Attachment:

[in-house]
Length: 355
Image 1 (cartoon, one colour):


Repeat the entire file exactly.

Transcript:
[in-house]
Length: 355
Image 1 (cartoon, one colour):